International Record Review

This is one of those recordings which tests one’s willingness to accede to the composer’s world-view. All too often, such projects fail to convince, which is a fairly cheap (and rather dull) triumph for the listener. Occasionally, the listener is won over from the start, which is, well, nice. However, perhaps the most interesting – and least predictable – variation is exemplified here, where one almost wills the composer and his interpreter to fail, yet one is eventually attracted to what seemed at the outset to be a perverse, even negative, viewpoint, realizing that in fact the exercise is not only valid but musically stimulating.

The motivation behind Finnissy’s arrangements of Gershwin is complex and intellectually sophisticated, being shot through with the cultural implication of so called popular music (which, being in reality populist music, is of course nothing of the sort) and, as the composer himself puts it in the booklet notes ‘… the British fear of elitism, the potency of cheap music, Forsters Scudder rescuing us from inherent moral turpitude, the annexing of inverted snobbery by aesthetics, legitimised rough trade and kitsch.’ Well, plenty there to be getting on with, I suppose, although it’s not entirely clear, either from the text or the music, as to where Finnissy himself stands in relation to this multifaceted conundrum. This may or may not be deliberate.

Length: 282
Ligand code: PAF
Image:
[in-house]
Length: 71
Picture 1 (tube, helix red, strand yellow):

This is Gershwin as a half-remembered, ambivalent musical force in a culture in which artistic heritage is mutable and volatile, bent to the will of succeeding generations, interpolated, reinterpreted, augmented, abstracted, reassessed and reconstructed. The pieces themselves are like otherworldly inversions of their originals, or works which have garbled memories of their earlier lives. Where Gershwin places jollity, Finnissy inserts tentative uncertainty; where Gershwin places resolution, Finnissy allows flux; where Gershwin proposes a placid acceptance of life’s woes, Finnissy returns us to the contradictions inherent in doing so. Pace is clearly so conversant with this music as to be a constituent part of it, while the deliberately dated piano sound and recording style is perfectly suited to this strange yet compelling music. This disc is unique and remarkable.

—Roger Thomas